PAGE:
Roundabout: Rupi Kaur revisits Amrita Sher-Gil’s ‘Three Girls’
The painting has been revisited by several Indian women artists and reinterpreted in the light of their own experiences.punjab Updated: Sep 02, 2018 09:20 IST
If there was ever a painting that caught the Indian imagination and continues to do so, it is Amrita Sher-Gil’s ‘Group of Three Girls’, the first painting she made in India after she returned from Europe in 1934.
This painting has an interesting story behind it but before going into it let’s see how the India-born Canadian poet-performer and Instagram sensation has responded to it?
A self-confessed Salvador Dali fan, Rupi says in a quotable quote “I have always been a fan of Salvador Dali, but Amrita Sher-Gil, who was an Indian-Hungarian painter, is another favourite. She was painting Indian women, and growing up here, I’d never seen anyone paint Indian women, so it was really incredible to see a painting of someone who looks like you. I think that has a lot of impact on you.”
The experimental Rupi took Instagram to task when her pictures depicting a woman’s menstrual stains were removed and forced an apology from the social networking site, which said the image was removed by mistake.
Remaining at the heart of controversy, she has ignored accusations of plagiarism and insensitivity in presenting the traumas of Indian women and has moved onto stardom in her own patch of the sky.
This Sher-Gil painting, also referred to as ‘Three Girls’, has drawn many to it. I have loved this work from my teens when I first saw it at The National Gallery of Modern Art in New Delhi. For some reason I always referred to it as ‘Three Sisters’. Why? This was perhaps because it reminded me of a sisterhood, had a quality of a posed studio picture so common in my childhood and also because I have had a very loving relationship with my sisters, sharing joy and sorrow alike.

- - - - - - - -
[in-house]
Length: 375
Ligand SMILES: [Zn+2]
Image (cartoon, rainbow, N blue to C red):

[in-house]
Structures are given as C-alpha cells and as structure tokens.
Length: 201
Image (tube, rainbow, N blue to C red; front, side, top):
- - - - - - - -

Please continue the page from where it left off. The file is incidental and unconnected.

It was only some three years ago that I got a ‘scoop’ that the three girls were actually young and bubbly girls from Amritsar — daughters of a Majithia cousin of Sher-Gil. They were Beant Kaur, Narwair Kaur and Gurbhajan Kaur, daughters of Mahinder Kaur, who was married to Mangal Singh Mann of Kot Shera near Gujranwala in Pakistan.
The family always knew it, but the identification of the sober girls in Sher-Gil’s oil on canvas came into public domain when Beant’s son Karanvir Singh Sibia released a family coffee-table book in 2015 at the Sangrur Literature Festival, which is his initiative.
Back to Rupi, she gushes over the painting saying: “For me, this piece shows the sacrifices and silences South Asian women endure within their homes and lands”. Did Sher-Gil with a European education also see this melancholy that she turned three charming teenagers into ominous subjects? Interestingly the sisters had posed in the tennis court of the Majithia House, merrily sitting on a roller. This painting won Sher-Gil an award followed by recognition as an artist.
Sadly, the painter died young, but the three girls she painted lived well into granny-hood.
An earlier revisiting of the painting that I recall was probably in 2004 for a group show by Gogi Saroj Pal in which 50 women artists participated in Delhi — all giving a refreshed version of the classic work.
Saroj Pal regrouped the girls to look at one another, restored the chopped hand of one and brightened the clothes of all three with floral prints to lift the gloom.
Rupi Kaur in Three Girls, 2018 is present as one along with two other artists — Keerat Kaur and Kay Ray posing just as the girls in the painting with similarly hued clothes and one of them sans a hand in a compelling photograph by B Singh.
An interesting work to view for copying the original so faithfully, but are they trying to say that nothing has changed for girls from 1935 to 2018? That is the question that needs to be taken up.
(The writer can be contacted at firstname.lastname@example.org)
First Published: Sep 02, 2018 09:15 IST